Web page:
Recycled lithium-ion batteries may outclass their newly-mined counterparts and alleviate the environmental problems and materials shortages plaguing the battery industry, thanks to a new process that delivers superior electrochemical performance.
The method follows years of research led by Yan Wang, a materials science professor at Worcester Polytechnic Institute in Massachusetts. “The recycled material outperforms commercially available equivalent, providing a green and sustainable solution for spent lithium-ion batteries,” the research team writes.
The battery industry is expected to grow ten-fold in the next decade, and mining lithium to meet skyrocketing demand will have environmental impacts. Recycling offers a way out, but so far consumers and manufacturers have been concerned that recycled batteries are of inherently lower quality than new ones, writes Scientific American.
The prevailing recycling method dismantles and shreds the entire battery, then melts it down or dissolved it in acid to create “a black mass—with a texture that can vary from powder to goo—from which chemical elements or simple compounds can be salvaged.” The recovered products are then made into cathodes in the same way that newly mined elements are used. But melting the entire battery down throws off the precise balance of minerals needed to create an effective cathode and can compromise the battery’s performance, Scientific American says.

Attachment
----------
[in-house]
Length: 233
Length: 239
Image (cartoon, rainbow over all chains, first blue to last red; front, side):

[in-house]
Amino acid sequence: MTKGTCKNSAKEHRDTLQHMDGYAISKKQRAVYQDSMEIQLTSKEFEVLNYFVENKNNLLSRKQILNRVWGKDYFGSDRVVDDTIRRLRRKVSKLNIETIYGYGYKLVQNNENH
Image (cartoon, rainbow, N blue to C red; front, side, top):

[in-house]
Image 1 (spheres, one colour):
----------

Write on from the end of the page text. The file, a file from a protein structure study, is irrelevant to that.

The new process developed by Wang and his colleagues is similar, but recycles the less expensive battery components—electronic circuits, steel battery casing—separately, while keeping the old cathode’s crucial composition intact. The cathode material is dissolved in acid to remove impurities, then fresh elements like nickel and cobalt are added, to end up with a ratio of ingredients that is “just right.”
A few further steps result in an effectively refreshed cathode powder. Compared to new batteries and those made with the old recycling method, the new powder has more porous particles with large voids in their centres. These characteristics give room for “the cathode crystal to swell slightly as lithium ions squeeze into it, and this wiggle room keeps the crystal from cracking as easily as cathodes built from scratch,” says Scientific American. Cracking is a major cause of battery degradation over time.
More pores also create more exposed surface area where chemical reactions occur to charge batteries, which is why Wang’s recycled batteries charge faster than their commercially manufactured counterparts. Wang said future developments for the battery industry could include designing all cathodes to have “this superior structure rather than just those made from recycled stuff.”
The new method also cuts down international transportation requirements and carves a path for bolstering domestic battery recycling, Scientific American writes.